Rice rolls (cheung fun) are always good, but fresh rice rolls are another story. A wonderful delicious story. At Happy Star Bakery, formerly Sun Light Bakery, rice rolls (or rice noodles as they’re called there) are steamed fresh to order for $2.50 a serving or less.
There are nineteen variations at Happy Star, but all start the same way. A thin layer of rice batter is poured into a tray with the add-in of your choice (or plain if you want to keep it simple) and then inserted into the steamer. A few minutes later, the tray is pulled out and the rice noodle is roughly rolled, cut, and served with sweet soy sauce on the side. Sriracha is also available, if you so desire.
On my visit, I had the steamed rice noodle with shrimp ($2). The rice roll could have been firmer, but the freshness more than made up for it. As for the shrimp, they could have been more generous, but the few that were there provided some needed bounce and texture to a carton of squishiness.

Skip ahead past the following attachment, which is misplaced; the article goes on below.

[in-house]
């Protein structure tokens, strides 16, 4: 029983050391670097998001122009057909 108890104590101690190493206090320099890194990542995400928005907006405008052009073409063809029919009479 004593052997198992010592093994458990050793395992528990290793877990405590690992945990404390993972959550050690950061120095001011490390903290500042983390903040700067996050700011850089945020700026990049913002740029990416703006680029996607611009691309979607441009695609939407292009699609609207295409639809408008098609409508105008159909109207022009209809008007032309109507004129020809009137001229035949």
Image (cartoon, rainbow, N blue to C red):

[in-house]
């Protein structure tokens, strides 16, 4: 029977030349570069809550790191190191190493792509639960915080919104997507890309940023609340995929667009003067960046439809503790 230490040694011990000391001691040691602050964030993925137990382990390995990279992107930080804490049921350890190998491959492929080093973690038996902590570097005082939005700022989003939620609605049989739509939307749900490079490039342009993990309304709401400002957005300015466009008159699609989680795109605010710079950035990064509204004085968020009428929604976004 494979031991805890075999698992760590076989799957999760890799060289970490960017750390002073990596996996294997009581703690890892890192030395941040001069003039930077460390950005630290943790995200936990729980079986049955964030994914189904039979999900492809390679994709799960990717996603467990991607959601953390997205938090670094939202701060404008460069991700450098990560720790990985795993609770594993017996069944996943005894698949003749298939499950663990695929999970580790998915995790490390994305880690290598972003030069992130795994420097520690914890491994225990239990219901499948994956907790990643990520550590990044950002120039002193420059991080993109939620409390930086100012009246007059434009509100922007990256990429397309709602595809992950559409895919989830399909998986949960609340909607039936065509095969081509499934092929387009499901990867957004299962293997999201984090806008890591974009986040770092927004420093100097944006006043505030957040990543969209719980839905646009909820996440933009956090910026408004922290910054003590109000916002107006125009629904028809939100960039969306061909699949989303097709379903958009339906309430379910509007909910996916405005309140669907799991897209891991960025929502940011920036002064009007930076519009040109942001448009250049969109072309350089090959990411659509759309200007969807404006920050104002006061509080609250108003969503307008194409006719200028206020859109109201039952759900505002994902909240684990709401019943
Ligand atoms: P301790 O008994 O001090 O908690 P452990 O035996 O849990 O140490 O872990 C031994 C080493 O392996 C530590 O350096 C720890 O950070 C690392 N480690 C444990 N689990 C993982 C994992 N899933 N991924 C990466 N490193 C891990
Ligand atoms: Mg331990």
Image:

David ordered the steamed rice noodle with Buddhist ($2), which consisted of rice rolls with wood ear mushrooms, bamboo shoots, baby corn, and carrots. (No fat deities in sight.)
David complained the vegetables had a metallic tastes since they came from a can, but vegetarian options in Chinatown always leave a lot to be desired.
Skip the Buddhist rolls, but definitely order the flaky scallion pancake ($1.50), which were visibly light on scallions, but mysteriously loaded with solid scallion flavor throughout. If you’re a vegetarian, you may be put off by the fact they cook the pancake on the same flat-top as they do the turnip cakes with pork, but for meat-eaters like me, that means more flavor. It was seriously tasty, and possibly even better than the rice rolls. No need to choose one or other, however, happiness comes either way.
Happy Star Bakery
160 E Broadway (close to Rutgers St; map)
New York, NY 10002